Jimi Hendrix was an anomaly: a supernatural guitarist who, on respective runs, toured with soul titans The Isley Brothers and Little Richard, he had a uncanny gift for tapping into rock music’s irrepressibly electric pulse while staying true to the plummeting arcs of the blues. “He was always the sort of performer who preferred to push boundaries and do the unexpected,” The Believer noted in 2015. Hendrix’s star rose with swift determination, then seemed to suddenly burn out. He was at the height of his fame — he’d headlined Woodstock the year before his death — when, in the fall of 1970, he passed away at 27.
A new Terence Nance-directed short film, which premiered this week at Sundance, investigates the guitarist’s earliest days with a surrealist eye. Titled “Jimi Could Have Fallen from the Sky,” the synopsis describes the short as an “unauthorized, heavily abridged, biographical, visual and supersonic moment about the fact that Johnny Allen Hendrix (aka Jimi Hendrix) knew how to skydive. Set in Seattle where Jimi was born and raised, the film wonders aloud about what this skill meant for the life he went on to lead. Why did he retreat to the sky so quickly before all of us were ready for him to go?”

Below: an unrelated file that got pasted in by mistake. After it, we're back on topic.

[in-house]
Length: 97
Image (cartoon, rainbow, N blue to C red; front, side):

But the real genius of Nance’s short is that, instead of further opening the vault into Hendrix’s life, it only complicates our understanding of the enigmatic artist and his outsized legend.
“I wanted to make something that had a slippery and childlike relationship to Jimi, a kind of thing that re-mystified him as opposed to de-mystifying him,” Nance told me. “He seems like he’s from the ether more than a place.” Watch the short below.